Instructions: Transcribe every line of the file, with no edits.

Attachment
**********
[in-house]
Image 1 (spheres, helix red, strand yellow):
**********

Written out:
[in-house]
Image 1 (spheres, helix red, strand yellow):